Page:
Within the next three to four months, the airline also plans to introduce a new gray uniform for women. Previously, men's pieces have been mostly gray, while most women's pieces have been purple. Some flight attendants that Business Insider previously spoke with said they suspected the contaminants were linked to the purple dye.
The gray pieces will be untreated, without the performance finishes, in a "non-wool" material. Each piece will meet the OEKO-TEX 100 standard and will be labeled after it's certified.
A men's version of the OEKO-TEX 100 gray uniform will be available this summer.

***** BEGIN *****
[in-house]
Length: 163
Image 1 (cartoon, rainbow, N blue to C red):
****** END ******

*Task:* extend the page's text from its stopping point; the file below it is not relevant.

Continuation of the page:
Additionally, a new white cotton blouse will be made available for women, and a shirt for men, in both short- and long-sleeved versions. The shirts, which will be untreated, will also be OEKO-TEX 100 certified.
"We applaud this step in the right direction, but encourage Delta management to take additional actions as soon as possible for the health of all Flight Attendants and to repair the damage caused for individuals," Sara Nelson, president of AFA-CWA, said in a statement. "AFA will certainly offer our assistance and expertise to Delta management in new uniform sourcing to ensure a safe, healthy, durable, wearable, and secure uniform is designed and procured for Delta Flight Attendants."
"This isn't just about our brand, it's about our people," Dimbiloglu reiterated. "We don't want to have a group of our people who are left not on-board."